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What happens if you don't pay your debt in South Africa?

If you don't pay your debt in South Africa, many companies may get a debt collector to collect a payment from you. This will also negatively affect your credit score and your credit report will note that you have missed a payment. 

Did you know: a missed or late payment can stay on your credit report for up to 7 years!

If you have missed some of your monthly debt repayments for one month, you may be considered over-indebted or in debt distress.

Meerkat—an authorised financial services provider—can help you get back on track with your debt repayments. We can also reduce your monthly debt instalment by up to 50%. How do we do this? With debt review. 

Contact me about debt review >>

What does a debt collector do?

A debt collector is tasked with collecting payments on accounts that customers have defaulted on.

What are debt collectors not allowed to do?

A debt collector cannot be the person who serves you with repossession documents (warrant of execution) for your home or car. Only a Sheriff of the Court can do this. 

A debt collector can also not serve you with a summons (a legal document requesting that you appear in court and that the creditor is suing you). 

They can’t threaten or use force against you or your family. 

Can you go to jail for unpaid debt?

The only time you can go to jail for unpaid debt is under the following circumstances:

  • If you fail to pay child maintenance.
  • You do not pay your SARS tax bill.
  • You fail to appear in court after being issued with a summons.

What's the worst a debt collector can do?

While a debt collector cannot be the one to physically approach you and serve you with court documents, they can follow the process to get a judgement granted against you which could lead to:

  • Repossession of your assets like your home or car.
  • A garnishee order put in place to directly get funds to pay towards your outstanding debt from your salary. 

Don't wait for this to happen. Protect your assets by going under debt review at Meerkat!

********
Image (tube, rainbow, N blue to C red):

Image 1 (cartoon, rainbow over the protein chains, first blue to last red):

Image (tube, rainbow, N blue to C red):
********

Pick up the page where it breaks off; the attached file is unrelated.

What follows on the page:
Contact me about debt review >>

The steps a debt collector or creditor has to follow (the debt collection process)

  1. Courtesy call 
    • This is not a required step, but a creditor will likely call you to let you know you’ve missed a payment. 
    Moku Tip: credit bureaus get updated information on your accounts each month, so your credit report will be updated with a late or missed payment usually by the following month. 
  2. Receive a Section 129 Notice (letter of demand) explaining that you have defaulted on the payment of your account. This letter will usually include:
    • The amount you are in arrears for your account. 
    • The different options available to you if you are still unable to keep up with your payments. 

    If you’ve received a Section 129 Notice, take this seriously. This is the last step before legal proceedings can begin against you. 

    Let us call you back to chat about debt review for FREE. 

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  3. If you do not make alternative arrangements to pay your account, the creditor or debt collector can approach a court for a judgement to be handed down. This can happen after 10 days of receiving the Section 129 Notice. 
  4. If the judgement is granted, a Sheriff of the Court can approach you with a summons to appear in court. 
  5. After having received the summons, you can either accept the judgement and pay the outstanding fees due or you can defend it.
  6. If you do not respond to the summons, the court can issue a warrant of execution to repossess your assets or initiate a garnishee order. 

With debt review you can:

  • Stop creditors from harassing you over the phone. 
  • Reduce your monthly debt instalment to something that you can actually afford. We’ve reduced clients' monthly repayments by up to 50%. 
  • Give you the opportunity of a clean credit slate so that you are in a better position to apply for credit after you’ve successfully completed the process!

Contact me about debt review >>

What happens when a summons is issued for debt in South Africa?

You have to appear in court to either accept the judgement or defend that you are unaware of the debt or that it has been prescribed, for example. 

What can you do if a debt collector threatens you?

You can report the debt collector to the ombudsman or go to court. Alternatively, if you want to secure your financial future and stop the harassment of debt collectors and creditors calling you off the hook, you should go under debt review. 

Are debt collectors allowed to call you at work in South Africa?

Debt collectors can and will call you at any time. They can, however, not disclose any information to your employer that could jeopardise your opportunity with your employer. This could change if the court grants a garnishee order.  

Can I ignore debt collectors?

You can ignore their calls, but you can’t ignore your outstanding debt. 

Let us take care of your creditors and your debt. 

Fill out the form today and we’ll answer any questions you have about the process. 

Not ready to bite the bullet yet? Read Debt counselling | Everything you need to know

 

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